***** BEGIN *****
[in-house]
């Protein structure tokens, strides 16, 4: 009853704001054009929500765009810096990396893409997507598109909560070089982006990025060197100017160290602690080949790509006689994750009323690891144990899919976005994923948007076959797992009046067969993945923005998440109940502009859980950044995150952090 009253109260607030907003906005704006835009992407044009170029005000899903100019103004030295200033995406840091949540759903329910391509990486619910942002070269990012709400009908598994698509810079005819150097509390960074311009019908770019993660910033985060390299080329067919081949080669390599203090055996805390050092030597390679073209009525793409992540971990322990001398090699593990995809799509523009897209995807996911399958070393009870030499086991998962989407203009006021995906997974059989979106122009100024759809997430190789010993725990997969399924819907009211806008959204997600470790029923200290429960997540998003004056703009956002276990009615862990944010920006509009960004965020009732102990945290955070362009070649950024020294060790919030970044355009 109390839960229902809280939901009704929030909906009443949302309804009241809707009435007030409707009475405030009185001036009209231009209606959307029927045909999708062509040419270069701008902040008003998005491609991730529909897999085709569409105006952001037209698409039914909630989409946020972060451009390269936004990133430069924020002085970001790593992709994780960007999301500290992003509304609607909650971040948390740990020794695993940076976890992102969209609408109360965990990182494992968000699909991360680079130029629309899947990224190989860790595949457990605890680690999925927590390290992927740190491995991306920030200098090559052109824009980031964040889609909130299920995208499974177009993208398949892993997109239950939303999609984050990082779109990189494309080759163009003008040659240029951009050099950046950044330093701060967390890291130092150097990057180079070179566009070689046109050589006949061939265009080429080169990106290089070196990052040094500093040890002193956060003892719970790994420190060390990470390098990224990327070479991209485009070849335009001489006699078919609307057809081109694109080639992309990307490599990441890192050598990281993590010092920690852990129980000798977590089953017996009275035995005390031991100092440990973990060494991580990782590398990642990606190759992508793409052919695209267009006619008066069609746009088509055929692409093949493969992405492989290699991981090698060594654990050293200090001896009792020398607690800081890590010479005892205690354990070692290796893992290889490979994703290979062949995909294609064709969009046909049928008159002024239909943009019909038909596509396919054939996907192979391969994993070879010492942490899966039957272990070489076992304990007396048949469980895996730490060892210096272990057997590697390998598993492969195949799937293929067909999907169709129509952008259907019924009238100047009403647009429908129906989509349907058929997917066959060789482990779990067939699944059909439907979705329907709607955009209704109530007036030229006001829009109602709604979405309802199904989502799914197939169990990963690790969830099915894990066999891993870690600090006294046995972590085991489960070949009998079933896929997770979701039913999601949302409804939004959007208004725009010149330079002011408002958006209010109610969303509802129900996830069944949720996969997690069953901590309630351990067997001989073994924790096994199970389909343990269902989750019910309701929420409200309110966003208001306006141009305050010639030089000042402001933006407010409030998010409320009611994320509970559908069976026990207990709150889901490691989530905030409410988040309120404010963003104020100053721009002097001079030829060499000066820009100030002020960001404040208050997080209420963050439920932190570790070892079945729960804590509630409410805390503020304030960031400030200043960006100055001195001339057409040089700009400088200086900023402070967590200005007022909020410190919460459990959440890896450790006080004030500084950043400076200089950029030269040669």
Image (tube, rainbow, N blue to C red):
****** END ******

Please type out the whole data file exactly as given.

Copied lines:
[in-house]
């Protein structure tokens, strides 16, 4: 009853704001054009929500765009810096990396893409997507598109909560070089982006990025060197100017160290602690080949790509006689994750009323690891144990899919976005994923948007076959797992009046067969993945923005998440109940502009859980950044995150952090 009253109260607030907003906005704006835009992407044009170029005000899903100019103004030295200033995406840091949540759903329910391509990486619910942002070269990012709400009908598994698509810079005819150097509390960074311009019908770019993660910033985060390299080329067919081949080669390599203090055996805390050092030597390679073209009525793409992540971990322990001398090699593990995809799509523009897209995807996911399958070393009870030499086991998962989407203009006021995906997974059989979106122009100024759809997430190789010993725990997969399924819907009211806008959204997600470790029923200290429960997540998003004056703009956002276990009615862990944010920006509009960004965020009732102990945290955070362009070649950024020294060790919030970044355009 109390839960229902809280939901009704929030909906009443949302309804009241809707009435007030409707009475405030009185001036009209231009209606959307029927045909999708062509040419270069701008902040008003998005491609991730529909897999085709569409105006952001037209698409039914909630989409946020972060451009390269936004990133430069924020002085970001790593992709994780960007999301500290992003509304609607909650971040948390740990020794695993940076976890992102969209609408109360965990990182494992968000699909991360680079130029629309899947990224190989860790595949457990605890680690999925927590390290992927740190491995991306920030200098090559052109824009980031964040889609909130299920995208499974177009993208398949892993997109239950939303999609984050990082779109990189494309080759163009003008040659240029951009050099950046950044330093701060967390890291130092150097990057180079070179566009070689046109050589006949061939265009080429080169990106290089070196990052040094500093040890002193956060003892719970790994420190060390990470390098990224990327070479991209485009070849335009001489006699078919609307057809081109694109080639992309990307490599990441890192050598990281993590010092920690852990129980000798977590089953017996009275035995005390031991100092440990973990060494991580990782590398990642990606190759992508793409052919695209267009006619008066069609746009088509055929692409093949493969992405492989290699991981090698060594654990050293200090001896009792020398607690800081890590010479005892205690354990070692290796893992290889490979994703290979062949995909294609064709969009046909049928008159002024239909943009019909038909596509396919054939996907192979391969994993070879010492942490899966039957272990070489076992304990007396048949469980895996730490060892210096272990057997590697390998598993492969195949799937293929067909999907169709129509952008259907019924009238100047009403647009429908129906989509349907058929997917066959060789482990779990067939699944059909439907979705329907709607955009209704109530007036030229006001829009109602709604979405309802199904989502799914197939169990990963690790969830099915894990066999891993870690600090006294046995972590085991489960070949009998079933896929997770979701039913999601949302409804939004959007208004725009010149330079002011408002958006209010109610969303509802129900996830069944949720996969997690069953901590309630351990067997001989073994924790096994199970389909343990269902989750019910309701929420409200309110966003208001306006141009305050010639030089000042402001933006407010409030998010409320009611994320509970559908069976026990207990709150889901490691989530905030409410988040309120404010963003104020100053721009002097001079030829060499000066820009100030002020960001404040208050997080209420963050439920932190570790070892079945729960804590509630409410805390503020304030960031400030200043960006100055001195001339057409040089700009400088200086900023402070967590200005007022909020410190919460459990959440890896450790006080004030500084950043400076200089950029030269040669």
Image (tube, rainbow, N blue to C red):